Ah well, I maintain that, with regard to the palate, the opposite of 'dry' is not 'sweet.' That's mainly because of the vagaries of perception. No scale or otherwise method will train people away from their perception.

The best course is to change the dialog instead of to focus more intensely on it.

But I also know that I may be a minority of one on this, and that, perhaps, is the story of my life ;)

I'm pleased that my 2008 “Circle” Riesling has generated a bit of conversation. I have to agree with most of the comments above. There are a couple of things that I'd like to take a few words to touch upon. The idea of “sweet” in the context of Riesling is a difficult one. Brandon pointed out that we have adopted the IRF Riesling scale for this Riesling. It falls in the “medium sweet” category. The balance of our 2007 “Semi dry” Riesling is just a bit sweeter (a little less sugar AND a little less acid), and most of our previous vintages, which we referred to as “off-dry” are a bit drier in balance.

Producing a wine that is market savvy and approachable in style and price does not necessarily devalue the other wines in my portfolio. I feel that the quality of the wine is there, and by best argument to anyone is to suggest tasting and forming one's own opinion. I think that there is a risk (perhaps one that is showing itself now in some peoples minds) that when one suggests that a wine is a bit sweeter, approachable, and competitively priced, that people may imagine that the wine is in some way substandard.

When I produced the first vintage at Red Newt in 1998, one of the six (6) wines that made up the portfolio was a semi-dry blend of Vidal and Cayuga named “Red Newt White”. My goal in creating this blend was to create a wine that had a bit of sweetness that would appeal to the masses while, at the same time, had a crisp backbone of acidity to make the wine approachable for a more seasoned dry wine set. The wine was and is very successful. But in the context of sales outside of a regional market, it shows limitations due to its varietal composition. The Riesling that is the topic of this blog shows a similar chameleon like personality that blends into the palate of both the sweet and dry wine drinker. That's the goal.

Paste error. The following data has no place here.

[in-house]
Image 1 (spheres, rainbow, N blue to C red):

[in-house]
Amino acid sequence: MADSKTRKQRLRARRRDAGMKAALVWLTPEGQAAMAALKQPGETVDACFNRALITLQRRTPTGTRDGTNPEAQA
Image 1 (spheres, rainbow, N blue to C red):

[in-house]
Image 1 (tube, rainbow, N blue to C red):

So, if Finger Lakes Riesling is so good, why are we not selling every drop we can think of making? Well, for a number of years we were, primary to a regional upstate market. But as acreage increases in the Finger Lakes at a rather steep rate, and other regions jump on the Riesling bandwagon (you've seen them from Australia, Chile, Spain...) we producers in the Finger Lakes need to take a proactive stance in marketing our wine both here and in areas outside New York
Evan mentioned some large brands which dominate the North American Riesling market. If we can make a wine as good or better (we can) and sell it for a price that is in the same ballpark, we should have a potential of taking some portion of that market in spite of our minuscule (by comparison) marketing budget. But, with production levels with those brands in the million case range, a small slice of pie will work effectively for our current market needs.

So that's the idea. Produce a wine that's really good and appealing in both taste and price. Introduce new consumers to my brand and , by association, to Finger Lakes Riesling. Present that product as an ambassador to create awareness of the full breadth of my brand. Grow Red Newt and the Finger Lakes together. Let's see how it goes.

Thanks for your insight, Dave. You make an important point: You're aiming to create a wine that will compete and succeed against the biggest names, but case production will never even sniff what the CSMs of the world can make. Therefore, you don't need to carve out too much of their market share to make such a venture entirely worthwhile.

I hope that, going forward, you'll keep us updated on your efforts to break into new markets. There seems to be a growing opinion in the FL that wineries can not survive on tasting room sales alone (this is, obviously, rather dependent on the size of the operation). Breaking into new markets is an important next step.

Hear, hear.